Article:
Halterneck top out of a scarf – beginners sewing tutorial

Upcycing scarf into halter neck top tutorial

This is a tutorial to show you how to create a summer halterneck top out of a scarf. It is really easy and suitable for beginners. This tutorial makes a halterneck backless top. You can use a sewing machine or sew by hand, as there is not much sewing involved.

Upcycing scarf into halter neck top tutorial
Continue reading Halterneck top out of a scarf – beginners sewing tutorial

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Easy Papercraft Valentines Decoration

I made this valentines decoration today. Easy peasy valentines-themed papercraft decoration. You can make them with any decorative paper, left over wrapping paper, foil or plain coloured paper.

Paper heartsStep 1 – Cut out paper hearts from a range of papers. I used a cookie cutter for the stencil and a fab book of paper patterns. The contrasting papers look great once they are put together.

Step 2 – Fold all the hearts down the middle. Collect a range of ribbons. Some of these are from the tags you get in new clothes!

Ribbons

Step 3 – Stick a ribbon onto the back of one of the hearts using sticky tape.

Sticky tape

Step 4 – Stick two other hearts onto your first heart, so that you have a set of 3.

Set of 3 hearts

Step 5 – Fold each heart along the crease again to make sure they are 3-dimensional.

Step 6 – Attach to a ribbon or decorative twig to brighten up your home.

Valentines hearts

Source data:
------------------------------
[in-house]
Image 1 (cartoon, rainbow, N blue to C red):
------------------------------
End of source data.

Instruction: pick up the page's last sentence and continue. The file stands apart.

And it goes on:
Step 7 – Sit back and relax with a coffee whilst you enjoy your handiwork.

Coffee heart

 

Yarn Bombing – am I missing something?

Wool for yarn bombing

Yarn bombing – I just don’t get it.

I like a bit of crochet or knitting as much as the next person (maybe more than the average person), and I’ve been known to knock up some pretty nifty creations with a bit of wool – but to me Yarn Bombing is bringing the craft into disrepute.

Who wants to see trees, benches and bridges covered in knitted stockings? It’s unnatural and spoils the beauty all around us. If trees were meant to wear leg warmers then people would have been doing it for generations. If benches were meant to come wrapped in wool then they’d also come with blankets and cushions. Granted, some colourful rib might brighten up a drab corner for a day or so, but as soon as it rains (and rain it surely will) we’re left with soggy knitting draped randomly here and there. Not nice.

Yarn bombed tree
A tree wearing leg warmers (Image: Wirral Globe)

Once Yarn Bombing has been imposed who will be brave enough to remove it without being branded a killjoy? There’s no way I’m going near it without several layers of Marigolds on. Just imagine the creepy crawlies and germs that move in to the woollen haven. Yuk!

Our local celebrity the Beeman of Beeston was Yarn Bombed recently – and does he look happy about it? No he does not.

the beeman
The Beeman “Get these bloody things off me!”

The only Yarn Bombing I’ve ever appreciated was a tree in the grounds of Nottingham Trent University which was adorned with tiny woollen decorations hanging from the branches. Yes, I can appreciate the artistry of that, and it looked amazing. But like many art installations it was intended as a temporary spectacle and was removed after a couple of weeks.

Unfortunately most Yarn Bombing consists of a garish patchwork covering which gives the impression that all knitters and hookers (people who crochet – OK?) lack taste and sensitivity. I like my trees to look like trees, not like extras from ‘Fame’.

So, Yarn Bombers – what do you have to say for yourselves? Perhaps there is some great crafty secret that no-one has told me about yet, which makes Yarn Boming a good thing? If so, just get in touch and let me into the secret. Until then, please cease and desist. Instead why not gift your wooly creations to a living, breathing person? Or even your dog. Actually, on second thoughts please don’t be so cruel to your dog.